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Ludwig Erhard Haus Berlin - Grimshaw
Ludwig Erhard Haus

Berlin, Germany

Grimshaw Architects, London

The Ludwig Erhard Haus is a multi-purpose communication centre, designed to function as a meeting point for the
principal players in the economic life of Berlin. Its unique and dramatic form, reliant on a sculptural structure of
fifteen elliptical steel arches, has become a popular city landmark, representative of the city's growing prosperity and
spirit of optimism. 

The project was realised through a competition held by the German Chamber of Trade and Commerce. The brief was to design
a quality building that could offer its tenants comfortable working conditions all year round, achieving low energy
consumption with low running costs and low levels of pollutant emissions. The challenge was that the building also had
to be commercially viable: capable of commanding high rental rates and built within a tightly controlled budget. 

Taking into account additional restrictions, such as rights-of-light issues, the irregularity of the site and the
maximum building height line imposed by the city planners, the volume of the Ludwig Erhard Haus, as built, represents
the site's maximum commercial development envelope. 

In response to the limitations imposed upon it, the design developed enormously in the years following the architectural
competition. An initial two-pronged approach to the structural system, comprising a series of lean-to hoops at the rear
and a separate butterfly-truss system along the street front, was abandoned after proving to be over-complex. The arched
ribcage structure that was finally adopted and that has given the Ludwig Erhard Haus its nickname, The Armadillo,
evolved from the lean-to hoop component of the first scheme. 

Comprising fifteen steel arches of progressively differing spans, the ribcage undulates in height, capitalising on the
fact that its apex is far enough removed from the street line as to be in no danger of breaking the city's 22m parapet
rule. The building is nine storeys high but, as the floor plates are supported by the ribcage via a system of slender,
fire-resistant steel hangars, it can accommodate vast column-free spaces. The ground floor spaces in particular are
designed to be reconfigured in response to the differing requirements of the tenants.

The structure of the building is clearly expressed on the north elevation, its rhythm broken only by the volume of the
conference facility that curves in a downward sweep from the ground level of the east facade to the basement level of
the west. 

The ground level is the main public thoroughfare. It is a large, open-plan, democratic space, designed with the ease and
fluidity of people movement as a priority. Its facilities are arranged along a naturally ventilated internal promenade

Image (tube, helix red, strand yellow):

that runs parallel to Fasanenstrasse, the undulating contours of the built edge contrasting with the regularity of the
glazed screen facing onto the street outside. 

From the ground floor, people disperse either down into the basement or up to the office floors. Although structurally
independent of the lower reaches of the building, these are laid out around two full height atria, which in turn allow
views down into the basement: the vista down into the stock exchange from the larger of the two atriums is particularly

The atria draw natural daylight deep into the heart of the Ludwig Erhard Haus and, as a complement to this downward
movement of light, also house the aesthetically dynamic aluminium-clad lifts that soar upward towards the offices,
offering views over Berlin as they scale the full height of building. This creates visual parallels that are immediately
accessible to visitors, aiding their movement through the many levels of this multi-functional melting pot.

The building envelope acts as a skin between the interior and the exterior, effectively maintaining different conditions
between the two. The properties of individual facade components have been carefully calculated so that the ratio of
glass is sufficient to allow the maximum amount of daylight into the internal areas without paying a significant penalty
in terms of energy (recourse to artificial light). 

On the west facade, which is pulled out from the curved ribcage and presents a regular elevation parallel to the main
street, this ratio is approximately 50%. The fenestration is double-glazed and has a low emissive coating. It is
protected by a series of tinted glass solar-shading louvres that can rotate to cope with low angle sun. 

On the north facade, the roof extends right down to level two, supported by the 15 cast stainless-steel clawed feet of
the structural arches. This means that the offices located on the northern side are clad with the same matt-finished,
stainless steel skin as the roof. They are thus predominantly reliant on the atria, (the dimensions of which were
determined by sophisticated solar modelling techniques), as a source of natural light. 

Naturally ventilated, and thus ensuring that maximum use is made of low ambient temperatures for free cooling, the atria
act as passive thermal buffers between the office space and the exterior. This reduces the energy required for office
heating, minimising plant load and improving user comfort. 

Comparisons are inevitably difficult, but a modern air-conditioned office building might be expected to achieve energy
consumption in the order of 150 kWh/m2 per annum. Current estimates for LEH range from between 121k/Wh/m2 and 146 kWh/m2
per annum.